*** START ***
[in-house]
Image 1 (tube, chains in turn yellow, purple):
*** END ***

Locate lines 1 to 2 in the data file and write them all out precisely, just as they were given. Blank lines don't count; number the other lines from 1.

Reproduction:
[in-house]
Image 1 (tube, chains in turn yellow, purple):